A number of years ago, for example, Impetus was approached by Jobber, a job tracking and customer management app, that Chan now uses to run his business. He has allied himself with a number of other companies in similar fashion.
“The companies I collaborate with on social media are always those whose products I use, and beyond that, they have to be actively trying to improve the trades,” Chan says. “Jobber does that.”
Chan also met Sean Giberson, Canadian sales manager at Taco Comfort Solutions, through Instagram.
“I learned that Taco is a family owned company that’s built a community of forward-thinking trade pros through online training and interaction,” Chan adds.
Right as COVID-19 made global headlines and lockdowns began, Chan purchased his first home, with a vision to make the residence an Impetus Plumbing & Heating showcase.
“We were so inundated with calls from customers who were uncertain whether or not they could get a service professional to help them that I didn’t even have time to decide between a fixed or variable APR mortgage,” Chan says.
The emergence of the pandemic ultimately set back his renovation timeline by a year.
“Dealing with the other trades, limiting the number of workers in the home and eventually material shortages really hindered progress,” Chan explains.
Chan says his home and showcase is 85 percent complete. His plan to completely renovate the 30-year-old, 2,900 square-foot home is slowly coming to a close.
“I wanted to incorporate everything we can do in a residential atmosphere,” Chan explains. “Radiant tubing already existed on all three stories and in the basement, so we had a great baseline. The mechanical room and bathrooms became my key focus during.”
The Impetus company colors are on full display inside the home. Each of four bathrooms feature black granite and gold fixtures. Two of the restrooms feature six-function showers, while another has a large tub filler. The home also has a dog wash.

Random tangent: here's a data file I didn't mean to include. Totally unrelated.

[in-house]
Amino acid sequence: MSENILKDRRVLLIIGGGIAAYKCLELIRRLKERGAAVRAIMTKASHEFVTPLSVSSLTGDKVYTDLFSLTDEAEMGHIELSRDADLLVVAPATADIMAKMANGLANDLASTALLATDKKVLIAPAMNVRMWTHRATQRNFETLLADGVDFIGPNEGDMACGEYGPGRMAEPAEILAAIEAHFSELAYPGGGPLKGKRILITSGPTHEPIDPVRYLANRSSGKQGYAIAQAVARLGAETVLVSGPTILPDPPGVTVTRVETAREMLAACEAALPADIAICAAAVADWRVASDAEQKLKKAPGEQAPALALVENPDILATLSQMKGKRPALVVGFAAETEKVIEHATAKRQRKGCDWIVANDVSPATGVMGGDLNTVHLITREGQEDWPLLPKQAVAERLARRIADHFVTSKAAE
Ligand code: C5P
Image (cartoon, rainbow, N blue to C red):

“Most homes in Vancouver have mechanical systems crammed into the smallest space possible,” Chan adds.
Chan’s house is no exception. It’s under the stairs.
“I could have moved it to the basement,” he adds, “but I wanted to display our capability within the confines of the average home in our area.”
To meet a big hot water load, Chan paired a condensing Navien NPE-240A instantaneous water heater with an NFC-200 combi boiler. The cascading system provides well over 8 GPM of DHW if needed. Impetus replumbed the entire home and installed dedicated DHW return lines.
Currently, the home’s three radiant zones are served by a Taco 0015e3 ECM circulator and Zone Sentry zone valves with press fittings. Both circulators in the system feature isolation flanges. All Taco components, including boiler feed vales, dual check valves, circuit balancers, 4900 Series air separator and 4900 Series magnetic dirt separator and zone control are products carried by Chan’s local rep, Glenn Wong with Canadian Aqualine Sales.
Chan ran extra thermostat wires in case he decides to split existing zones in the future. The mechanical room has plenty of flare, too, similar to what Impetus provides on all its boiler systems.
A black and metallic gold epoxy pour was applied to the board supporting the boiler and components. The zone controller, water heater and boiler are all wrapped in matching gold vinyl, and green LED background lighting is powered when the boiler fires.
Pride in work
“Seeing to those details exhibits quality and cohesiveness,” Chan says. “I did it in my house, and I do it in customers’ homes, too. We’re not ‘butt crack’ plumbers. We have software and new technology. We assemble controls systems. We have uniforms. We diagnose electrical issues. The trade is actively evolving, and I want to help drive that, both locally, through our work, and on a much larger scale via social media.”
Chan has even created a plumbing group in Vancouver, the BC Plumber’s Association. The group is small for now, and formed to facilitate business discussion among professionals who want to see the industry advance.
Chan believes that too much of the trade is still “old school.” And that old school mentality is why there’s still so much price resistance in the market.
“When people ask us what our hourly rate is, I explain that they have the wrong company,” Chan explains. “That’s not us. We have five stars for a reason. People hear ‘plumbing’ and they think blue collar. That needs to change.”